Early Season Market Report

September 21st 2017 Comments

As always, early fall is busy for us here at Silva. We have witnessed the summer rush for some ingredients and have started to prepare for the holiday season and our customers’ production schedules. At the same time, we are monitoring production at raw-material sites throughout the world.

In our upcoming crop report, we will be sharing our thoughts regarding bell peppers and tomatoes from China, carrots from European sites, as well as a brief outlook for the later fall crops such as sweet potato, pumpkin and our second harvest of spinach for the year. This update looks at some of the factors facing the dehydration industry and how those affect Silva’s product category and our customers.

Following a multiyear surge of the USD against most major currencies, the last five months have seen a sharp drop in the value of the USD. At this time, we don’t see any short-term changes to the current outlook. A number of traditional economic factors contribute to the current scenario, combined with global uncertainty regarding the current administration’s ability to drive a promised growth-friendly agenda.

While Silva engages in various activities to hedge against currency fluctuations, the recent drop has an impact on the product that is grown by our raw-material partners all over the world. We expect to see currency related cost increases starting with fall harvest for all of our products. Some of those increases will be off-set by favorable crop conditions and other market conditions, while for other crops, we will see the currency effect further accentuate difficult crop conditions.

We have worked for many years in providing stability and predictability to our customers. That work is continuing, as we seek remedial actions to reduce the impact of currency related volatility. Yet, the current sharp loss of value of the USD will be a factor in the overall costing of imported ingredients.

In China, we continue to see efforts by central and local governments to phase out coal as a source of energy. Dehydration is dependent on an energy source to generate steam for heating air that is used to dry our raw materials. This is an enclosed system, where coal is used as an energy source for generating steam and is not in direct contact with the fresh raw material. In general terms, we see the regulation restricting or banning use of coal move westward from the coastal cities to the inner provinces of China.

Currently, one-third of our supply chain in China is using sources other than coal as a source of energy. We expect that in the next 12 to 18 months, at least two-thirds of the supply chain will be powered using alternative energy such as natural gas or direct steam supply. Cultural differences and a different perception on the use of depreciation of assets creates scenarios where the fixed capital investment of upgrading boilers and other equipment is expensed over a rather short amount of time. Switching to alternative sources of energy is also bringing an increase of the direct cost of energy in addition to the investment in fixed assets.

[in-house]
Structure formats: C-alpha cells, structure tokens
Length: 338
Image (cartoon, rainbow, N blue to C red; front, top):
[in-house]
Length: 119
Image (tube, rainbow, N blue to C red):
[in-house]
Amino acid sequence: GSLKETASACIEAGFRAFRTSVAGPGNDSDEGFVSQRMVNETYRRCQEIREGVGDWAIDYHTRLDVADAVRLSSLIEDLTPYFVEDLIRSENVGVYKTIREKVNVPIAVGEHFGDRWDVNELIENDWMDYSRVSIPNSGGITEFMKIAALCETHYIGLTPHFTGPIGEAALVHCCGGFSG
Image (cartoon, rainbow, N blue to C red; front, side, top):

Over time, we expect the increases to be limited to around 5% but we see regional differences in the short term. Provinces or regions that have recently made the switch to other energy sources tend to show greater price volatility. As noted in previous reports, we have a well-diversified raw-material supply chain in China. Therefore, we will be able to off-set some of the short-term cost increases through mitigating procurement strategies.

In general, Silva supports the switch to cleaner energy sources from a sustainability and environmental policy standpoint. We are, therefore, committed to assisting our production partners, through the on-the-ground work by Silva’s Quality Team in China, with reviewing contingency plans, and risk assessments as they introduce new energy sources to their production facilities.  

Following a globally eventful period of both natural disasters such as hurricanes, regions of increased political tension such as the Korean peninsula, as well as an uncertain period for potentially changing trade policies in the U.S., we are continuing to review our own internal contingency plan. This work is always ongoing, but has been highlighted by recent weather related concerns in the US and other global political events.

Silva has a strong and well-diversified supply chain. We are bringing GFSI certified finished products to the market place from over 25 countries in the world. Our principles of finished goods production and comprehensive testing at our own facilities in Illinois leaves us well positioned to handle any short-term supply chain disruptions. We continually assess the level of safety stock from all of our origins, as well as more long-term development of sourcing strategies for the same ingredient from differing origins and hemispheres.

Should you have any specific concerns, please reach out to your sales representative to discuss the mitigating solutions Silva already has in place to protect your business.

Rest assured, we have confidence in the process